Those with special needs must have our compassion

COMPASS: Other points of view


Sometimes, things just fall in your lap. They are signs. This sign was about two people I love very deeply. Neither can speak, so I have to.

I took a group of boys, ages 10-15, go-karting. This included my son, foster son, a cousin's son visiting from Outside and two nephews. They had an absolute blast! In between snapping photos and shooting video, it did my heart good simply watching them.

When we got in the car to go home, my son told me that my nephew said one of the workers asked him "Is your brother stupid?" Without hesitation, I turned the engine off and got out of the car. In support, my son followed. I found the manager and relayed the information to him. He called over the worker, a teen, who denied it. The teen asked if he could come talk to my nephew. I walked him over to the car where he proceeded to apologize. I got back in the car and started the engine. I paused, turned it off and got out of the car to again find the manager. My son followed.

The manager was by the ticket booth talking with the teen. I approached them and asked why the teen couldn't just own up. Why lie? Self-preservation, I'm sure. As much as I was upset with the teen's rudeness, I was more upset that the manager didn't seem to give a rip. He dismissed it by saying, "I wasn't out there. I didn't see it." I didn't move. This wasn't about me. It was about the two who couldn't speak.

I told the manager that I wasn't trying to get something for free. A family outing had been ruined by the insensitivity of one of his employees. We had spent more than $80 in a brief period and everyone's moods had been changed by one comment. The fun was gone.

The manager disappeared into the booth for what seemed like forever. I wondered if he was hoping I would give up and walk away. I stood there. So did my son. Eventually, he came out with a book of tickets. I thanked him and went back to the car and gave them to my nephew. I drove home with tears rolling down my cheek.

In my head, I composed a letter to the editor. As I drove, I wondered, "Would anybody care? Would it make a difference?" When we got home, I became absorbed in the task of finding old family photos for the visiting relative. Halfway through one tub, a yellow newspaper clipping fell in my lap. It was a sign.

After the kids had gone to bed, I unfolded the clipping. It was a Compass: Points of View from the Community ("Son is far from perfect but dearly loved"). My sister, Deneen Bozeman, had written it about six years ago. We had been to a fast food playland with our kids and a parent made an extremely rude comment about Deneen's son, Jathan. He's not stupid, as this woman and the go-kart worker assumed. He is autistic.

Being largely non-verbal, Jathan was not able to communicate that he had to go to the bathroom. He went in the playland. The woman shrieked in dismay. Despite the hurt and embarrassment, Deneen saw it as an opportunity to educate. She was a gifted teacher who taught in the district for 20 years and advocated for special needs children. In the Compass column, she wrote:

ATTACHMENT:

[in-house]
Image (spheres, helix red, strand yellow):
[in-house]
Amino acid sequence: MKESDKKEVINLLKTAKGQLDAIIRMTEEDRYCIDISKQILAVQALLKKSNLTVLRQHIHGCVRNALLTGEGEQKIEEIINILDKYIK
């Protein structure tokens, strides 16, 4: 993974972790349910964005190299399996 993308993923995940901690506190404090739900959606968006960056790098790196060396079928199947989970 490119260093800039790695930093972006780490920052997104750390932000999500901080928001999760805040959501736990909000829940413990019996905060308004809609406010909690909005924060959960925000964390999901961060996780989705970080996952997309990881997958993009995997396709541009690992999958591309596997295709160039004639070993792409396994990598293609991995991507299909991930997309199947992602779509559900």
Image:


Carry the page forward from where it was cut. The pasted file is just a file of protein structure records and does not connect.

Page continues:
I apologized profusely (to the parent) while trying to assist my son. After I got everything cleaned up, I wanted to apologize again and offer her an explanation. By this time, however, she had gathered up her family as well as several other families by whisking them all out the door. She wasn't interested in an explanation. I sat there with my son and wept. It's not the first time I have cried in public. We've endured cold stares and mean comments before.

My son has a long walk ahead of him, social graces and expectations that he somehow must learn and understand. He's my son, and I will walk every step with him.

Three years after writing the column, Deneen died of an aggressive melanoma. July 14 would have been her 46th birthday. What better gift than for our community to give what she asked for in the Compass article:

I'm hoping our community will also step in and help all special needs children with their own individual walks. My heart ached as I watched my son sitting alone on the equipment peering out the window. Two years of learning how to play and interact with other children and people and here he is again . . . alone.

Deneen will not be able to walk every step with her son. She will not be able to speak up and shield Jathan from the cold stares and mean comments.

Sometimes things just fall in your lap. They are signs. Deneen gave me a sign that day and I knew I had to speak for her -- and for her son. Will you listen? Perhaps today or tomorrow you will see an autistic or special needs child. Will you shriek in judgment and walk away? Or, in kindness and compassion, will you walk a step with Jathan, and others like him?

Denielle Baldwin lives in Anchorage.

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